Leaders need to be logical, rational, and analytical. Critical thinking can be developed by asking more questions, challenging the status-quo, exploring different perspectives, and correctly framing the problem.
Innovation is a key leadership skill because nothing remains the same. In order to stand-out and stay ahead of the curve, one needs to innovate. Take a look at Nokia. Nokia was content with its mobile phone designs - they didn’t introduce new capabilities or features. Their struggle or failure to innovate cost them market share and led the company to its downfall. Steve Jobs took advantage of this and changed the game when it came to smartphones.
Consumers are also expecting consistent innovation and creativity. This demand is a driving force for leaders and can be the deciding factor between their success and failure.
A 2022 study by Development Dimensions International stated that the most important leadership quality is adaptability. However, adaptability is acquired by having the right mindset and foundational skill-set of leadership, which is decisiveness, empathy, and self-awareness.
We know that the business world can change in the blink of an eye. Covid-19 is a recent example of how the world changed within a few days. Effective leaders need to be able to recognize the internal or external changes and then adapt to them. They also need to have a plan on how they will communicate and manage the change.
Conflicts are inevitable, both in life and in the workplace. However, how a leader manages the conflict can significantly impact the results. Good conflict management fosters a positive and productive work culture. Leaders need to be able to identify and mitigate conflicts before they escalate or derail the vision. Good conflict management creates an environment where people can clearly voice their opinions and this open communication leads to more innovation and creativity.
Also, today’s organizational landscape is dynamic and constantly evolving due to internal and external factors. Leaders who understand and implement effective change management practices can guide their teams through transitions smoothly and productively. They can prevent conflict and resistance while maintaining morale. This will ensure success in the new environment.
The definition of a leader is someone who is able to influence and motivate others to work towards a vision. That is why driving employee motivation is an essential leadership skill. Motivation can drive long-term success because employees feel they are connected to a purpose, know their why, are satisfied with their jobs, and are engaged at work.
Negotiation isn't just about getting what you want; it's also about building trust and relationships with the people you're negotiating with. When leaders are able to negotiate in a fair and respectful way, they can build strong relationships with others that can benefit the organization in the long run. Negotiation skills also help them resolve conflicts.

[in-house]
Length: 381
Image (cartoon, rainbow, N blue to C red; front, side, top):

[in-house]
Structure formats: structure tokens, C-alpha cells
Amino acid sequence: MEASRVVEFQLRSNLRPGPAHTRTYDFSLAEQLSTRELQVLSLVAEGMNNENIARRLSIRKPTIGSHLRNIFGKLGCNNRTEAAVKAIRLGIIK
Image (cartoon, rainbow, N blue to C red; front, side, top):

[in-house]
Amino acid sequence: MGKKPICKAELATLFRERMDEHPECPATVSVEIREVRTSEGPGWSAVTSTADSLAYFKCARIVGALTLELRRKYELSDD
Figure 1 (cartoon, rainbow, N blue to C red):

To be a good negotiator, one must
These are 4 top management skills one must have.
A manager can’t do everything on their own. Therefore, he must be able to effectively delegate tasks to others. They need to know all the resources at their disposal, their strengths and weaknesses, and offload work accordingly.
Managers might have stepped away from the day-to-day technical stuff, but they need to have a sound technical knowledge so they can help resolve an issue when required. Sound technical knowledge helps the manager make more informed decisions. It helps them thoroughly trouble-shoot problems.
The level of technical skills required in a management position also comes down to the industry, company culture, and level of management. For instance a valve manufacturer might require that all departmental managers be engineers. In another company set-up, lower level managers might be involved in more day-to-day technical work, so they need a sound knowledge to perform their job.
Managers are all about getting things done and coming up with a plan to get the project accomplished. So it’s essential that they have strong organizational skills. Organizational skills are all about knowing which resources are there, scheduling work schedules, managing the budget, prioritizing tasks, and ensuring all supplies are in stock, etc.
Organizational skills can be developed through practice. Here are a few tools that can help managers build their competence:
As managers are executors, they need to pay great attention to detail. This skill is necessary for them to be able to reduce risks and stop projects from going over-budget. Managers need to be able to anticipate outcomes, issues, or flaws so they can have backups in place.
Even though leadership and management are fundamentally different, they do have overlaps and they are two sides of the same coin. When leadership and management work together effectively, it creates a powerful synergy that drives organizational success. Here's how they can complement each other:
When leaders and managers are in sync, the organization sets itself up for sustainable success. However, how to ensure that leaders and managers are communicating, respecting each other, and working towards a shared goal? Here are alternate ways to ensure effective collaboration between the two:
Leadership and management should not be in competition with each other; they should be complementary. Harmony between leadership and management creates a dynamic and successful organization where everyone thrives and works towards a singular goal.
Finding the perfect balance between leadership and management is hard. There is no fixed formula and you constantly have to evaluate the balance between the two. eRS, a resource management software is one tool that can help you whether you are a manager or leader. The data on productivity and resource utilization can help managers improve how work is assigned and tracked. Leaders can look at capacity plans and financial data to make strategic plans and adjustments.
So why not find the perfect combo of leadership and management for your company and power it with eRS? Talk to our team today.